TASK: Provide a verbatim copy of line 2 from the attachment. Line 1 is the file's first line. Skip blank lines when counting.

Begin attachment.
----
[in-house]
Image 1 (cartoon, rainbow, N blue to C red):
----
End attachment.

Image 1 (cartoon, rainbow, N blue to C red):